Tips for Grandparents Who Want Their Grandkids to Read

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Grandparents frequently email me asking for tips and advice on how to get their grandchildren reading. Because grandmas and grandpas want to see their grandkids loving books and spending more time reading.

 

If you’re a grandparent and are looking for some new ideas, I’ve put together my own ideas and ideas from other grandparents in our Imagination Soup community.

 

Also, if you want to chat with other like-minded grandparents, join our Grandparent Facebook Group!

 

Tips for Grandparents (Who Want their Grandkids to Read)

READING AT YOUR (A GRANDPARENT’S) HOUSE

At your own house, you have more options because it’s your own home and you have the control.

If your grandkids visit you, pick one of these literacy options to do.

  • Read aloud to them.

  • Start a grandparent-grandchild book club.

  • Provide book bags and book-themed play options.

  • Provide access to lots of good books.

  • Visit the library and bookstore.

  • Attend storytime at the library.

  • Find opportunities to read in the world. Think of things like recipes,  treasure hunts, street signs, etc.

  • Create a cozy reading nook with a bean bag chair, reading lamps, and bookshelves.

  • Read a menu at a restaurant or a takeout menu. And, if a book introduces food or culture, try that food together while you discuss the book. – Terry D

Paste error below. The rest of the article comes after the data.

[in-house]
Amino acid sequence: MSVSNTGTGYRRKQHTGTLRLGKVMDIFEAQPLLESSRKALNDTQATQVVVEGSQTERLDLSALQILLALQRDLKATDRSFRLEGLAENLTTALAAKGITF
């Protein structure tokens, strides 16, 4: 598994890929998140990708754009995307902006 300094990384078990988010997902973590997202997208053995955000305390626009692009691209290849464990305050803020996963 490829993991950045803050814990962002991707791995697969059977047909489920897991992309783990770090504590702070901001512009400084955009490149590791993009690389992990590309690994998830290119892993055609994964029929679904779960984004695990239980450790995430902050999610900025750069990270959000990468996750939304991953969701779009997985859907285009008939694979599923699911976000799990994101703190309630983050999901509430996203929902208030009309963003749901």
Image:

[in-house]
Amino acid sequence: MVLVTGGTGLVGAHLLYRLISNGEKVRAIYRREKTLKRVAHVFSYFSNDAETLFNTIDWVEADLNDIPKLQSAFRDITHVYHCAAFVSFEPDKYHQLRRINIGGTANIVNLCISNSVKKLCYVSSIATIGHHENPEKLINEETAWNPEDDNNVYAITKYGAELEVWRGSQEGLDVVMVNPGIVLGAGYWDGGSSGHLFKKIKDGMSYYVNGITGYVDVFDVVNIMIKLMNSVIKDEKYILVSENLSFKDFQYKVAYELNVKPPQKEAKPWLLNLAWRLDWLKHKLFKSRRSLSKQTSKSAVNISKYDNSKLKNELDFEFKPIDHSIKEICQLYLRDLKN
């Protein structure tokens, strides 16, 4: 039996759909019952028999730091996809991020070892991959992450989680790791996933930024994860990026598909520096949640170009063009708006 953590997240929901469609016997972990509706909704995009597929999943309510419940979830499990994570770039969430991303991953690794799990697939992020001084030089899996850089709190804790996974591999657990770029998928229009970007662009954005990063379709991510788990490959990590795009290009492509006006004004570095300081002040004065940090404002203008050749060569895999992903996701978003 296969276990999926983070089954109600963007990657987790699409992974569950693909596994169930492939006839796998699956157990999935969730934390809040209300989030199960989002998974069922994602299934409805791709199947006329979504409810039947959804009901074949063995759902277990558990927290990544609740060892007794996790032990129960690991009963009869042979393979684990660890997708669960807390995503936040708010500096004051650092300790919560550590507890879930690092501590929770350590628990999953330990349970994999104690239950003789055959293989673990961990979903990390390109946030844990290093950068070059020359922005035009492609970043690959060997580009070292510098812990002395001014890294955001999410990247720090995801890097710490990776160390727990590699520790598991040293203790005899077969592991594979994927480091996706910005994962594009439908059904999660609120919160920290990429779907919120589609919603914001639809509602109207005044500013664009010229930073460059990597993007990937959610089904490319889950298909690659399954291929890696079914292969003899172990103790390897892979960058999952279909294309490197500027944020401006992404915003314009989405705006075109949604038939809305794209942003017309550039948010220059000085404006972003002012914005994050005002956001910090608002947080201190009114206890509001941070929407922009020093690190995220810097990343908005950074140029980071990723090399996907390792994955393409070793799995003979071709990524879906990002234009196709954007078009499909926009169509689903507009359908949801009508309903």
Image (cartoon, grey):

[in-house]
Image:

• Intentional skill-building play areas. “I used to love to play ‘Library’ or ‘School.’ But even playing ‘Veterinarian” using stuffed animals can be literacy-based: children could make meaningful signs and have an intake area where they write down the ‘patients’ names, create name tags, draw/label animal types, write reports to describe their ailments. Additional areas could include a ‘Pet Spa’ where they read to animals …or Vet research library where they ‘research’ about the animals, etc.” – Cynthia B.

READING WITH GRANDKIDS AT A DISTANCE (VIRTUAL READING)

If you don’t live near your grandkids but want to read aloud to them and help them fall in love with books, see if these ideas could work for your family:

  • Record a video of yourself reading a book.
    -picture books in one video
    -chapter books, one a chapter at a time
    – send a picture book along with fun book-themed toys for interactive book play
    – send a book and keep the same book so you can take turns reading it
  • Buy a book, read it first and insert post-it notes with comments and encouragement for the child to read. Then, mail it to the grandchild. – Lucia H.

  • Start a book club with your grandchild or grandchildren.
    “I love to find novels written on many levels so all could read the same book! This year we did Frankenstein. The oldest is a very voracious reader so she read the original. The other 2, read books on their level. We ended the summer with an outdoor viewing of the latest movie version!”  – Mary Ellen R.
  • Daily video chat for reading. Read silently with them on Zoom or Facetime (This shows that you value reading.)

  • Ask children to read to you — even if they’re only reading the pictures and making up their own story based on the illustrations.
  • Emails back and forth. (Reading & writing!)

  • Work on a collaborative story via email or Google Docs.

  • Discuss books.
    “Talk to the kids and their parents about what they’re reading and why they like a particular story…” – Nancy C.